The students and staff of the Army Institute of Law gathered in the Multi Purpose Hall on 25th January, 2018, to attend the lecture on Dams and Development: Stress Factors For Environment and Society which was delivered by Dr. Namita Gupta from the Centre for Human Rights and Duties, Punjab University.Dr. Gupta started the lecture by telling the audience the actual purpose of dams and hydroelectric projects. Many of those present were of the view that dams are sources of abundant green energy, which was later proven to be a myth by Dr. Gupta. She put forth extremely unknown facts as to how due to the process of production, dams contribute to 19% of green house gas emission in India. The audience were shocked to discover how these dams interfere with the aquatic life, forest cover, and lives of the people residing in the places which are taken over by the government for dam construction. The amount of research Dr. Gupta had put in this topic while authoring her 28 research papers and her published book, Environment Administration in India: Issues and Concerns, could be clearly seen as she presented various facts and studies dealing with how these reservoirs induce seismicity and also lead to the grave diseases of malaria, dengue and Schistosomiasis during the course of their construction.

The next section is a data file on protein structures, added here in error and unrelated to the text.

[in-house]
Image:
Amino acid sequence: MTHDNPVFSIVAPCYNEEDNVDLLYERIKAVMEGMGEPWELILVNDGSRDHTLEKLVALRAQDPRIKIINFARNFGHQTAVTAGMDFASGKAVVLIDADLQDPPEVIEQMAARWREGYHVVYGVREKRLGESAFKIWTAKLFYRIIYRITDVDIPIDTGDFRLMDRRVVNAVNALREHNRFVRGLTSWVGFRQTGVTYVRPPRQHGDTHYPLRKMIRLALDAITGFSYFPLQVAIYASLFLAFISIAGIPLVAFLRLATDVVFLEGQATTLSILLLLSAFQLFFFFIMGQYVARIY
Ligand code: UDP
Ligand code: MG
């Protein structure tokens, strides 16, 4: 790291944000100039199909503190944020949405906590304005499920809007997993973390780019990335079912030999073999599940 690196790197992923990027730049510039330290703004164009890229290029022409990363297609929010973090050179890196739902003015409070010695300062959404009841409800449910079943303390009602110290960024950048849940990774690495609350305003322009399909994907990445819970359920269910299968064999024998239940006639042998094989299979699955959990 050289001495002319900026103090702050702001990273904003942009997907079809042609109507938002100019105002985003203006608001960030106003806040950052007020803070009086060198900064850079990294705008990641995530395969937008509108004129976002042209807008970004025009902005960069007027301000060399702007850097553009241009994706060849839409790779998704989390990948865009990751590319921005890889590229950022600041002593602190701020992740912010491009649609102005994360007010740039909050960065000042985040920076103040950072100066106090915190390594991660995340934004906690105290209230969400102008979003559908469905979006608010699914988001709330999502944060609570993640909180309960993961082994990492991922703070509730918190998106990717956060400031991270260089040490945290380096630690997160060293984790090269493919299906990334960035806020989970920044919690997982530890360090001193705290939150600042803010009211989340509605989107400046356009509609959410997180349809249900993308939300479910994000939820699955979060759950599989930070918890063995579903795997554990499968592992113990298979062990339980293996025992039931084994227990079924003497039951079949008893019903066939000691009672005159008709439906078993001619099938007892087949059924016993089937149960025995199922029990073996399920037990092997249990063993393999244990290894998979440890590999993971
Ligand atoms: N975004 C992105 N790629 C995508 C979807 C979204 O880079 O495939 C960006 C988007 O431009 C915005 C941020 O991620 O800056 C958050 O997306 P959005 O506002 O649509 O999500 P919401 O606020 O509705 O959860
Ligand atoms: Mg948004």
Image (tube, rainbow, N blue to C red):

She made the audience aware about how the government was not doing its part properly in relocating the people whose lands it acquires for construction, decommissioning old dams which have been in use since the British times and are now on the verge of collapse. The government also fails to conduct the imperative environment impact assessment without which no such constructions can and should take place. Two of the many examples when such assessment was overlooked were those of the Rengali Project in Odisha and the Bargi Project in Madhya Pradesh. By examples of various existing dams, Dr. Gupta showed how flawed the planning and executing schemes of the nation are.
This informative and thought provoking session was ended with a huge round of applause and a very apt quote by Baba Umar : “when we build a big dam, it is like a ticking time bomb. If we don’t maintain or operate it properly, it can cause massive destruction.”
This write-up was prepared by Sharanya Shrivastava (1st Year)